Case Study: Poverty and Food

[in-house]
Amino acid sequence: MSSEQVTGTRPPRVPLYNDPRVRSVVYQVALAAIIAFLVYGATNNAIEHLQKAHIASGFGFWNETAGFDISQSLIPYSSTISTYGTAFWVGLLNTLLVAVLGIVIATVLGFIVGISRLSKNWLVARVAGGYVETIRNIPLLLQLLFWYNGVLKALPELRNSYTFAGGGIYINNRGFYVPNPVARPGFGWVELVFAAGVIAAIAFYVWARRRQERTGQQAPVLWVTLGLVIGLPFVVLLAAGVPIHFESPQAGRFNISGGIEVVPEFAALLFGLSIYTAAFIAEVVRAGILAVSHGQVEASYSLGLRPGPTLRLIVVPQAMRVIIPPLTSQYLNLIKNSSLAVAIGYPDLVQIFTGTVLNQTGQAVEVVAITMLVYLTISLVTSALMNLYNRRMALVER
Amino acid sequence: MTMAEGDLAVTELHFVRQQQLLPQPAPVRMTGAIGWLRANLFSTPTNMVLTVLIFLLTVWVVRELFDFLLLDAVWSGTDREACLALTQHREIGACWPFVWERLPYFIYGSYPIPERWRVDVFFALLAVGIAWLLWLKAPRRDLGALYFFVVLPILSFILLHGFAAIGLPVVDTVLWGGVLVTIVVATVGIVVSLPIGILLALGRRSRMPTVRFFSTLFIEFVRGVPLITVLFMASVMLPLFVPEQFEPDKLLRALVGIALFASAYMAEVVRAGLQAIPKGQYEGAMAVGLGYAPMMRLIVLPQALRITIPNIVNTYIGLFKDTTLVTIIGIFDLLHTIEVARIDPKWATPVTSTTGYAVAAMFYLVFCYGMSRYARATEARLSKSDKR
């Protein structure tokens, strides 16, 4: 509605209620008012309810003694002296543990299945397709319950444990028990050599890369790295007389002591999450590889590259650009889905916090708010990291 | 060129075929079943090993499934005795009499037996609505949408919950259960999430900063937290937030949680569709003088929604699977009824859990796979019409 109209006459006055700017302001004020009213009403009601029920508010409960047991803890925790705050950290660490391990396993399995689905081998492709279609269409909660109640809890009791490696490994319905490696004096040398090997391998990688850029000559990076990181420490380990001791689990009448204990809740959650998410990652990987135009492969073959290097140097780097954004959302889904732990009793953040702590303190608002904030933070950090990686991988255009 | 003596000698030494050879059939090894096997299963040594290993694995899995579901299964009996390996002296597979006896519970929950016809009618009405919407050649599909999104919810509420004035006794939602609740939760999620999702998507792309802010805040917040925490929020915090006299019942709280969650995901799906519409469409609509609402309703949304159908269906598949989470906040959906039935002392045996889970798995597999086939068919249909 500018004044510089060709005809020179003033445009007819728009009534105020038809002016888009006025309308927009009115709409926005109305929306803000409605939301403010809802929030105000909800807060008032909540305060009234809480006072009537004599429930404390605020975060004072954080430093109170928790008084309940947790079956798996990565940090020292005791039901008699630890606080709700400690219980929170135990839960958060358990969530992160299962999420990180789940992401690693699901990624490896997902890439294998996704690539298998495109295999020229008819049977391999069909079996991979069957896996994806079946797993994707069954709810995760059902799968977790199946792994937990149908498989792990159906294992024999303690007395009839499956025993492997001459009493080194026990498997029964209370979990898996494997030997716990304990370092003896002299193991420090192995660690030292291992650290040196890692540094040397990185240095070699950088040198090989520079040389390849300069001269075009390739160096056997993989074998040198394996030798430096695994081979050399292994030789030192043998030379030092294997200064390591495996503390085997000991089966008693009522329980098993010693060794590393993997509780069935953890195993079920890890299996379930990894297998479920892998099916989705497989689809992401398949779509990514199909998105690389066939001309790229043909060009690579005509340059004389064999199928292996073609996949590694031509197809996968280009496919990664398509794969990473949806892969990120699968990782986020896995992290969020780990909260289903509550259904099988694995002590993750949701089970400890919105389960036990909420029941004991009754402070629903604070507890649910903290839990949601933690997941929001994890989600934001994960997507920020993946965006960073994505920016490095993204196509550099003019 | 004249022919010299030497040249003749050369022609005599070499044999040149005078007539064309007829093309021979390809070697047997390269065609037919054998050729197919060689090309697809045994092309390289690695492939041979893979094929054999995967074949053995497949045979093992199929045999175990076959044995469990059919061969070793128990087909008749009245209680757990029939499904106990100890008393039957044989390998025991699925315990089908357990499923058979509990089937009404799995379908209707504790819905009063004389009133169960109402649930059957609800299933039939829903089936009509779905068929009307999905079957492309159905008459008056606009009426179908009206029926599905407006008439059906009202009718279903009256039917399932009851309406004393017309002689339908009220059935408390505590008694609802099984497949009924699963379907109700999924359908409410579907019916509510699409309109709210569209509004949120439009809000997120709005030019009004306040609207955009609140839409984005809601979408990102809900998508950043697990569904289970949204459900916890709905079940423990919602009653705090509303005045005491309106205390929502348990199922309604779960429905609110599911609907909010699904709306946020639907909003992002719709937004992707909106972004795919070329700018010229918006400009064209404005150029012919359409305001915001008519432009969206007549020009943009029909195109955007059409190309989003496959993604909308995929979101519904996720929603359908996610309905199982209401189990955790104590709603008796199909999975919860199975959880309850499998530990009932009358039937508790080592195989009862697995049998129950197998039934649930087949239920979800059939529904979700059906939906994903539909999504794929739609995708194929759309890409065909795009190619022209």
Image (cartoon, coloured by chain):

Assignment 2: Poverty and Food Security The members of the United Nations appreciated the content you provided on population growth. Now they are asking you to expand the whitepaper to include global food security as it relates to population growth and poverty. Read the Case Study and provide an assessment based on the questions below. (For a brief list of resources for this assignment, please see the end of the course guide.) Overview We can view global food security as the effort to build food systems that can feed everyone, everywhere, and every day by improving food quality and promoting nutritional agriculture.[1] That said, there are certain practices that can advance this project: Identifying the underlying causes of hunger and malnutrition Investing in country-specific recovery plans Strengthening strategic coordination with institutions like the UN and the World Bank Developed countries making sustained financial commitments to the success of the project We must bear in mind that more than three billion people, nearly one-half of the global population, subsist on as little as $2.50 a day and that nearly 1.5 billion are living in extreme poverty on less than $1.25 a day. According to the World Health Organization, the United Nations, and other relief agencies, about 20,000 people (mostly children) starve to death in the world every day, for a total of about seven million people a year. In addition, about 750 million (twice the population of the United States) do not have access to clean drinking water, meaning that some one million people die every year from diarrhea caused by water-borne diseases. The population of Earth is expected to grow from 7 billion in 2010 to 8 billion in 2025, 9 billion in 2040, and 11 billion by the end of the 21st century.[2] If the demand for food is predicted to grow by 50% by 2030 and 70% by 2050, the real problem is not necessarily growing that much food. Rather, it is making that amount available to people. Moreover, foodborne illnesses are prevalent, with nearly 600 million reported cases of foodborne diseases each year. These affect mainly children, but also negatively impact the livelihood of farmers, vendors, trade associations and, ultimately, the Gross Domestic Product (national income) of a country. These issues can impose tremendous human, economic, social, and fiscal costs on countries Addressing them allows governments to devote more resources to making desperately needed improvements in infrastructure that raise the quality of life for everyone. It is not enough to have adequate supplies of food available. Policies that focus exclusively on food production can exacerbate the problem, particularly if, to satisfy the need for quantity, the quality of the food is left wanting. Reasons for Food Insecurity

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